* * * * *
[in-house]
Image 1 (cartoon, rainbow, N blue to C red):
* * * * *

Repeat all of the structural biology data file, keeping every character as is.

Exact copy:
[in-house]
Image 1 (cartoon, rainbow, N blue to C red):